This balancing service will not remain free. It can’t. You are costing the grid operator almost as much as everyone else. All you save the grid is a bit of fuel during the day.

Grid-tie solar is a scam. If you want to be real about it, man-up and go stand-alone and cut the connection. Even if you need a 10,000 kw standby generator for those rainy days, at least people will know you are covering the full cost yourself instead of scamming the grid.

#87 AM in MN on 11.07.21 at 5:31 pm

Garth,

While I agree in general that real estate has gotten out of control, I’d like to add to the list of why some markets are still a good long term value, assuming that the woke brigades don’t completely collapse the system of law and government that enables some semblance of private property rights left.

There is a global macro play to Canadian bonds, across the spectrum. Basically there are several key commodities that 7 Billion people need, and despite the best efforts of leftist governments at all levels, the Canadian private sector still produces a lot of them.

All levels of govt in Canada borrow in C$, so there’s no currency risk in the bonds, and the BoC can print however much it wants, so no one will take a haircut in C$ terms. The C$ will have value as long as it exports commodities, for which there is no slow down in the foreseeable future. Too bad they never got the LBG terminals built, but the other oil (+400k B/D from Line 3 soon), copper and other metals, lumber, grains, other foods… it isn’t going to stop.

There is a shortage of land, by geography in YVR and TO, by politics everywhere else. There are millions of people around the world who want to come, most wanting to live in the cities. HK for instance is just waiting to make the one-way trip trip to YVR.

But it could be a lot better if the guilt ridden white liberals that run the country would get over themselves and let the private sector loose. There wouldn’t be such inflation anxiety if the C$ were at par with the US$, which it easily could be.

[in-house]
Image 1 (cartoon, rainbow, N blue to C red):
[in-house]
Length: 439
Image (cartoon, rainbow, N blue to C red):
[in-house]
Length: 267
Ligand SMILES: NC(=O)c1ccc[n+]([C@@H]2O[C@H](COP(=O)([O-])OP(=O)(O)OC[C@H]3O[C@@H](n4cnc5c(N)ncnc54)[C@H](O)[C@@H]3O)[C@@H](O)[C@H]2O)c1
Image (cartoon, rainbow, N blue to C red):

For those who think we need to move to a more “high tech” economy, check out the amount of tech required in energy, minerals and modern agriculture…

We need much more STEM for these industries, and a lot less over privileged, whiny University leftists who want to destroy the nation.

#88 Faron on 11.07.21 at 5:36 pm

#76 Ponzius Pilatus on 11.07.21 at 4:28 pm

#51 Faron on 11.07.21 at 2:40 pm
#31 Ponzius Pilatus on 11.07.21 at 12:27 pm

Arnie can’t run.

#89 James on 11.07.21 at 5:44 pm

#69 crowdedelevatorfartz on 11.07.21 at 3:56 pm
@#60 Sail away
“re: the anger monkey”

I think Jorden Peterson might have an opening for one more participant in his clinical case study on angry narcissist’s lacking empathy with delusions of grandeur ….

______________________________________

You’re talking about yourself, right CEF?

#90 Faron on 11.07.21 at 5:50 pm

#60 Sail Away on 11.07.21 at 3:08 pm

#52 Faron on 11.07.21 at 2:53 pm

So callous, my goodness. Substance abuse is terribly damaging.

How viciously petty must a person be to abuse another for such a condition?

You are joking, right? Or are you really that two-faced? I laughed and then threw up in my mouth a little (my response to about 75% of your comments BTW. The GERD is killing me).

First, his substance abuse problem is the one and probably the only thing I have empathy for when it comes to JP. Roughly speaking, my line of thought was:

“Damn, poor guy. Must be all the pressure and possibly a guilty conscience. Oh, but his ideas are 67% utter trash, so who cares. There are more worthy people with problems to direct my concern toward if I care to.”

Coming from you, who has railed and railed about the weakness that is inherent in failing in making wrong “choices” when it comes to addiction is a true mind f—. And you have denigrated addicts countless times including the homeless ones who piss on your Tesla. Just wow. Little wonder people have a desire to piss on your Tesla.

So, we can conclude that JP gets a pass here because he’s nigh god to you but everyone else doesn’t. Can’t wait to talk with you about guys like Matt Gaetz. Don’t worry, I already know exactly what you think about the guy. All I had to do is listen to one Tucker Carlson bit and, viola.

#91 Fantastic Mr Fox on 11.07.21 at 6:02 pm

The way I see it, the housing market is indeed a bedrock of the economy and it is used to maintain a positive growth of the GDP. For example:
1. The central banks should have a little bit of manoeuvring, so they should keep the rate at ~2%. This is the moment when the houses are already expensive btw..